It’s a perennial question for researchers, policy makers and advocates in public health and social policy areas: how do we influence the real decision-makers? A recent study of senior US national security policymakers provides some valuable insights for people working in social policy and public health.
Croakey thanks Duncan Green, strategic adviser for Oxfam GB and author of ‘From Poverty to Power’, for looking at the findings through an NGO lens, and for permission to republish this post from his blog.
Duncan Green writes:
Interesting survey of US policymakers in December’s International Studies Quarterly journal. I’m not linking to it because it’s gated, thereby excluding more or less everyone outside a traditional academic institution (open data anyone?) but here’s a draft of What Do Policymakers Want From Us?, by Paul Avey and Michael Desch. The results are as relevant to NGO advocacy people trying to influence governments as they are to scholars. Maybe more so. I’ve added my own running translation in italics.
The authors surveyed all senior White House officials involved in national security under both George Bushes and Bill Clinton. 234 out of 915 responded (pretty good response rate for people this senior).
‘The gap between the scientific aspirations of contemporary international relations scholarship and the needs of policymakers is greatest the higher one reaches in the policy world. More surprisingly, this gap tends to be greater the more educated the policymaker. This is consistent with the argument that familiarity with advanced techniques instills greater appreciation for both their promise and limits.
Translation: the more pols know about a subject, the less they believe ‘experts’
Another conclusion we draw from this survey is that a scholar’s broader visibility – both in government and among the public whether through previous government service or publication in broader venues –– enhances influence among policymakers more than his or her academic standing.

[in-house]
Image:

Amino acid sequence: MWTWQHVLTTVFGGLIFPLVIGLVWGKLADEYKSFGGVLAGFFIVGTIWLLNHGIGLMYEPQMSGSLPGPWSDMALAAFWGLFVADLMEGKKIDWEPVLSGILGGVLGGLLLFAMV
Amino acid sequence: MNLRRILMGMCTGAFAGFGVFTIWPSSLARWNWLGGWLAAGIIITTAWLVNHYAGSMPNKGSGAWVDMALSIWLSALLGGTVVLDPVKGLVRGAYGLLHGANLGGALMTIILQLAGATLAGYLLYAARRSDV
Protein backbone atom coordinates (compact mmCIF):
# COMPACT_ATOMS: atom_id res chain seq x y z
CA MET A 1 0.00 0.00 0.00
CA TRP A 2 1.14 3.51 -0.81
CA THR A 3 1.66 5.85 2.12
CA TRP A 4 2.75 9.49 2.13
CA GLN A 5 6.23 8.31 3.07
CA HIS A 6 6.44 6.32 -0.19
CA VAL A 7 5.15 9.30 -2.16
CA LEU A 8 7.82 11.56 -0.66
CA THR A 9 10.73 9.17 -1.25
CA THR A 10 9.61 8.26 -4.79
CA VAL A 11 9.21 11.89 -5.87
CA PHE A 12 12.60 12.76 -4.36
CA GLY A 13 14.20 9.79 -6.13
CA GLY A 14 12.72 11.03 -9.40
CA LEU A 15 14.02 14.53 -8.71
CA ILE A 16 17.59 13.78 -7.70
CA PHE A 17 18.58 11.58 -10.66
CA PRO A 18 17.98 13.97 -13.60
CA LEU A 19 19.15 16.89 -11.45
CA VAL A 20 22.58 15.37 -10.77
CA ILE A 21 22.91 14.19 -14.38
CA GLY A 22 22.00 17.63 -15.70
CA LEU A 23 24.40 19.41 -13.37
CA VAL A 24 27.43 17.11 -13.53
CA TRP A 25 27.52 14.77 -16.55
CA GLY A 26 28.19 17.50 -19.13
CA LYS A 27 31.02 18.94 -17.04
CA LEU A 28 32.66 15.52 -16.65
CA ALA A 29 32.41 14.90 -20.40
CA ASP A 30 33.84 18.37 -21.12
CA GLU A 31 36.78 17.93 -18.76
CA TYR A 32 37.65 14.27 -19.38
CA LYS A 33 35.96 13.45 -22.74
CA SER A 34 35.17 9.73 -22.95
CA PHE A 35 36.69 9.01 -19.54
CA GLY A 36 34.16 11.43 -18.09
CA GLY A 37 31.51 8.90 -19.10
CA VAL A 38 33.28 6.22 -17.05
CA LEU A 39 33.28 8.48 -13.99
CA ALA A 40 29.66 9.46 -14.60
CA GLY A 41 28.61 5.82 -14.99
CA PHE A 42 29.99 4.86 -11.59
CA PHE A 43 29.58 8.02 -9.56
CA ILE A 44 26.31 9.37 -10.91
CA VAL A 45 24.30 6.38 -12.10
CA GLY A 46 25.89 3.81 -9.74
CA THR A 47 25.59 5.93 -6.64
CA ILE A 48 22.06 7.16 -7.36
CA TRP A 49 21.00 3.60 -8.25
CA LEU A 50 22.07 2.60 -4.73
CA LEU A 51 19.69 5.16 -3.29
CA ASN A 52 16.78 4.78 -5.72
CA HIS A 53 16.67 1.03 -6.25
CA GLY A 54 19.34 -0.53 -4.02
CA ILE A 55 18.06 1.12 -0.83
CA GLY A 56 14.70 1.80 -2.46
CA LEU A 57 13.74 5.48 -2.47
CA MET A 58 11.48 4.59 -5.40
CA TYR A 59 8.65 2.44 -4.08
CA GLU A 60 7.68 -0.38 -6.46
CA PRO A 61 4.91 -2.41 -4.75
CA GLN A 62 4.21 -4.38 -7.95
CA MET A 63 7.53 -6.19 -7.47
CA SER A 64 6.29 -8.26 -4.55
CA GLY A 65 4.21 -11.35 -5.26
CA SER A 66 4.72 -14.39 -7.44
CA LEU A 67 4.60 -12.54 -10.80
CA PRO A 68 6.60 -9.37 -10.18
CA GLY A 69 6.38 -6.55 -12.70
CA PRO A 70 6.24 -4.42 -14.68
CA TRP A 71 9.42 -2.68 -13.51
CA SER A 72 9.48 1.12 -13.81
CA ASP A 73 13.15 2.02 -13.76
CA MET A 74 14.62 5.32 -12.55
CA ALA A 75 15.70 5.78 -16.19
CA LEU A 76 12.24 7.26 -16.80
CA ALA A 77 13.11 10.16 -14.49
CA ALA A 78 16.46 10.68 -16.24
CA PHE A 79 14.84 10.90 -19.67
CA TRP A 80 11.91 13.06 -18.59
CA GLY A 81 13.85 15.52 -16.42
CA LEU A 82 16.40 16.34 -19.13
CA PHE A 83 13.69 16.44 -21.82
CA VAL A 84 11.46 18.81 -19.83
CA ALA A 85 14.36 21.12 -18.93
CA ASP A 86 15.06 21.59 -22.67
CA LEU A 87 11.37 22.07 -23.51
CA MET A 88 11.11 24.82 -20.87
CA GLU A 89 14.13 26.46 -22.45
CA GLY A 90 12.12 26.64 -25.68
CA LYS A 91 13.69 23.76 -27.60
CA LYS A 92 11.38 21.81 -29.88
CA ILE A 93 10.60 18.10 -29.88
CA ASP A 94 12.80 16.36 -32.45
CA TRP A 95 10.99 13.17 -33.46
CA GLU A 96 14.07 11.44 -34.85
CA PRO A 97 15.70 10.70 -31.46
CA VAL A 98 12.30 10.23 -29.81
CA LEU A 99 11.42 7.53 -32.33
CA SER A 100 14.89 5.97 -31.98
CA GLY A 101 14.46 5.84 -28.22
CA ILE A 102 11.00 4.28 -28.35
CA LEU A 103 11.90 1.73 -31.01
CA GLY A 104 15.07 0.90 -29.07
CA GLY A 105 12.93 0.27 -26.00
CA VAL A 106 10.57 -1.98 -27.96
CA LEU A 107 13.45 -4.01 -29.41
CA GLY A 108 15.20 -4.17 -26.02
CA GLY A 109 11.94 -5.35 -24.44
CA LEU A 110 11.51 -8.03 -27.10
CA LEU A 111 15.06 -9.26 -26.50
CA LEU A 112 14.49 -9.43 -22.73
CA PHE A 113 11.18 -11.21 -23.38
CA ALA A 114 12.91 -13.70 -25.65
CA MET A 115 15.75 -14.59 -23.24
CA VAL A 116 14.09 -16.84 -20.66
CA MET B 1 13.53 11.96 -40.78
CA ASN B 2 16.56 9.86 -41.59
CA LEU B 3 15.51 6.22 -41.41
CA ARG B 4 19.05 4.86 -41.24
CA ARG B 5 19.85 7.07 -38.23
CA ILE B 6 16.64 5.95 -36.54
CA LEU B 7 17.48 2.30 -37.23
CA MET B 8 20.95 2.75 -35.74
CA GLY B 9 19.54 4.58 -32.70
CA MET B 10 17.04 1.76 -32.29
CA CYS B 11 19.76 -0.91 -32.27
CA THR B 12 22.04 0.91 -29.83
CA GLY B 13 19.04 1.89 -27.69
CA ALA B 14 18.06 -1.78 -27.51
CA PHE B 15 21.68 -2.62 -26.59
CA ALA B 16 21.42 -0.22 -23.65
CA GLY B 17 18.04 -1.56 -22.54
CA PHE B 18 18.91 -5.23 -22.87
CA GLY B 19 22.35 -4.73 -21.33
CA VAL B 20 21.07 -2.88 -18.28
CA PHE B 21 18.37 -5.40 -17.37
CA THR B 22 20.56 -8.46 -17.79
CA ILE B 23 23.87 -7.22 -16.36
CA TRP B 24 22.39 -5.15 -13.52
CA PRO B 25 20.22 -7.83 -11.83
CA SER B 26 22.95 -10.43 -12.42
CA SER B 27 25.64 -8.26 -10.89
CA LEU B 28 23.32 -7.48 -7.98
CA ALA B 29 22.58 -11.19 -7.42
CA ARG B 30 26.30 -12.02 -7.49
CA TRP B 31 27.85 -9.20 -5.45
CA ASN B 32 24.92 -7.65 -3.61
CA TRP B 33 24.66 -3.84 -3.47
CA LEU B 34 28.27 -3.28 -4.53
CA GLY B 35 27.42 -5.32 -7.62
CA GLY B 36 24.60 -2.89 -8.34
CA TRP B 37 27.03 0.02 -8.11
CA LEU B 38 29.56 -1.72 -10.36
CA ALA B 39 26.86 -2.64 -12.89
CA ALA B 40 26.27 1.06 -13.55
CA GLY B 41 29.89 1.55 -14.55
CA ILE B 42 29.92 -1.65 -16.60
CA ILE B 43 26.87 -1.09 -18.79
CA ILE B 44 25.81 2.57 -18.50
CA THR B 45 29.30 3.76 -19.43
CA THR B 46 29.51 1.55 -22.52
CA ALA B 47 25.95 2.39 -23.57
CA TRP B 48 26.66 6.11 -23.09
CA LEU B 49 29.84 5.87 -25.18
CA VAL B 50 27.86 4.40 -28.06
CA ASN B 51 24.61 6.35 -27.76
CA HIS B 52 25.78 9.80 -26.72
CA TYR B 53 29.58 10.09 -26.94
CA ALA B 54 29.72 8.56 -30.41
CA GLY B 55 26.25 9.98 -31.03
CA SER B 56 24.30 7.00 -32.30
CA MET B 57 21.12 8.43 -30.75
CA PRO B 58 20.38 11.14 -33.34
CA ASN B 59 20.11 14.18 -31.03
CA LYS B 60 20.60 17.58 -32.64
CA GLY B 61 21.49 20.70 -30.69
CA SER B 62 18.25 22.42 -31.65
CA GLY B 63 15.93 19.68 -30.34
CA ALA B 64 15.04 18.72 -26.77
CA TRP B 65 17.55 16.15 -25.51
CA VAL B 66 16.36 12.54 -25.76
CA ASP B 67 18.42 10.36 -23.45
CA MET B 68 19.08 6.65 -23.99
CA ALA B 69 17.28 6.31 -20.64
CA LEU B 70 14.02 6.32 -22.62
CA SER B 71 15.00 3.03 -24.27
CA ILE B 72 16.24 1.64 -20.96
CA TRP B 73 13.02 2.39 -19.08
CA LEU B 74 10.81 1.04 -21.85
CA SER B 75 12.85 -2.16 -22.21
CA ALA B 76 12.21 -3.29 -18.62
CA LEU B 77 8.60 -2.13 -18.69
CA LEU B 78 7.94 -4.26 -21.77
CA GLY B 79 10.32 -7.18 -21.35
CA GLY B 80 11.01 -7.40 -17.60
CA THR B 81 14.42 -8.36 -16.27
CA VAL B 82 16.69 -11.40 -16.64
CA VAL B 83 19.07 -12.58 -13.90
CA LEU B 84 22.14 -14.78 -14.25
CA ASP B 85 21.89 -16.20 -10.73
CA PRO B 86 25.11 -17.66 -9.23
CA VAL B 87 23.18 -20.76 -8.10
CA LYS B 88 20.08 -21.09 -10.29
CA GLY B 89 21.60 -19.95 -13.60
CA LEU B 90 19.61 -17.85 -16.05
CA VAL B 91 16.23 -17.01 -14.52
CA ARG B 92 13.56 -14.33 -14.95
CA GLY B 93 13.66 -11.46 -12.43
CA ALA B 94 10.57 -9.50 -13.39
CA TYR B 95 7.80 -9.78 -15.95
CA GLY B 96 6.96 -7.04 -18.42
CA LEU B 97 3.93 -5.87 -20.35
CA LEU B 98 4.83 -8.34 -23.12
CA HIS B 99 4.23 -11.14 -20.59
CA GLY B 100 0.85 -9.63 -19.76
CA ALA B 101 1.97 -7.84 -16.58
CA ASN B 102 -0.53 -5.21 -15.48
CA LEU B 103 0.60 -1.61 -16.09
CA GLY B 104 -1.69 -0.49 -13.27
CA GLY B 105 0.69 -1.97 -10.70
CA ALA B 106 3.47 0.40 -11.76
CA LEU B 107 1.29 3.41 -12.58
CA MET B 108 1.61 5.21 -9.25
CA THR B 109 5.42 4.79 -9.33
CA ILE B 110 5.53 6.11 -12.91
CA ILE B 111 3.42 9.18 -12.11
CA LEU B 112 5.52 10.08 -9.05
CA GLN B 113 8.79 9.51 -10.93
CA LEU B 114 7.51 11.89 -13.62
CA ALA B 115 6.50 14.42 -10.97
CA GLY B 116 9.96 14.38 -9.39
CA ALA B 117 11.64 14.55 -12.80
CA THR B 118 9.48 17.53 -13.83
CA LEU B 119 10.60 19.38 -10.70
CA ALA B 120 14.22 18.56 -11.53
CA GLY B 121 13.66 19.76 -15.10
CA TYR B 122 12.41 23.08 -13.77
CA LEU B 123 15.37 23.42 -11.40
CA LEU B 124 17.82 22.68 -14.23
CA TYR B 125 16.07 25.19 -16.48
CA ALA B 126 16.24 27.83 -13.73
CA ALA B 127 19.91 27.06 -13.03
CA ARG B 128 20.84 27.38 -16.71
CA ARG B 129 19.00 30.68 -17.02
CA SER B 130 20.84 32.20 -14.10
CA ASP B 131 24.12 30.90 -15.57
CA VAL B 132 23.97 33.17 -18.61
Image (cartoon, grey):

Translation: get blogging, people
The primary constraint policymakers face in digesting scholarly, or any other writings, is lack of time. As one respondent put it, “any research papers that exceed 10-15 pages” are not useful to policymakers. Another noted that “I do not have the time to read much so cannot cite” many examples of useful social science scholarship.
Translation: work on those elevator pitches
We were surprised by two other findings from our survey about how policymakers get their information: First, unclassified newspaper articles were as important to policymakers as the classified information generated inside the government. This fact opens up an important avenue for scholarly influence upon policy if scholars can condense and convey their findings via this route.
Second, the Internet has not yet become an important source of information for policymakers, despite its ease of accessibility and the generally succinct nature of the presentation of its content. It could be a just a matter of time until a more web-oriented generation reaches the pinnacle of national security decision-making authority but we also ought to consider whether the internet suffers from weaknesses vis-à-vis traditional print media that dilute its influence. The plethora of internet news and opinion outlets, many of questionable reliability, combined with the lack of an authoritative source among them, may mean that the internet will continue to lag behind the elite print media because it exacerbates the signals to noise problem for policymakers.
Translation: good old fashioned press work beats social media